I was still in practice, over twenty years ago, when lovastatin, the first statin drug, became available for use by primary care physicians.
By Duane Graveline, MD, MPH
We learned to expect liver inflammation and occasional muscle aches and pains. With the dosages used at that time and with a relatively small number of patients on the early statins, the side effect issue impressed me as being acceptable.
This is no longer true. Today, with more potent drugs, millions of people taking them and at doses triple and quadruple those of the past, the side effect profile has radically changed. Now, cognitive damage, emotional and behavioral change, neuropathies and even neuro-degenerative damage are increasingly recognized as associated with statin drug use. But there is something even more perverse - the element of permanence of some of these consequences.
Yes, within the past six years, after my own cognitive reactions to statins in the prevailing climate of complete physician denial, drug companies have belatedly added cognitive damage but not one word about permanent cognitive damage. And the same for neuromuscular - yes, most of the drug companies now admit that peripheral neuropathy may be a consequence of statin use but have never mentioned it might be disabling, crippling or permanent.
On the basis of my repository of several thousand reports from statin "victims", the first evidence of permanence came from reports of cognitive problems associated with statin use. Michael Hope was one of the first to receive widespread media attention - a former CEO reduced to unemployable status due to persistent loss of short-term memory. Today, four years after the onset, Michael is still grossly impaired. He is one of many hundreds who have persistent cognitive deficits long after stopping their statin.
Next came reports of muscle aches and pains brought on by statin drugs that persisted and even worsened despite promptly stopping the statin. Two astronaut friends of mine, having no history of muscle problems, experienced muscle pains shortly after their statin was started for mild hypercholesterolemia. Much to their dismay these pains have persisted years after they stopped the offending drug. They are but two of thousands of people in this growing subgroup with persistent and apparently permanent muscle symptoms seemingly triggered by statin drug use. Current research indicates that many of these have an unsuspected genetic predisposition. Some of these cases respond to CoQ10, many do not.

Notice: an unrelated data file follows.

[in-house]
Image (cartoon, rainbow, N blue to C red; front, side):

Another growing reality is that of peripheral neuropathy, particularly unresponsive to treatment, coming on soon after statin therapy is initiated. Once this occurs, not only does it seems to be permanent but tends to worsen in many patients. Hundreds of victims are incapacitated, even crippled by this unfortunate side effect, seemingly related to alterations in CoQ10 availability brought on by statin drug interference with the mevalonate pathway.
On hearing hundreds of complaints about doctor rebuff on this subject of statin side effects, I well recall the words of Doctor Ellsworth Amidon, my professor of medicine at Vermont College of Medicine, way too many years ago: "Listen well to the words of the patient, my young doctors, for they are telling you the diagnosis."
Duane Graveline MD MPH
Former USAF Flight Surgeon
Former NASA Astronaut
Retired Family Doctor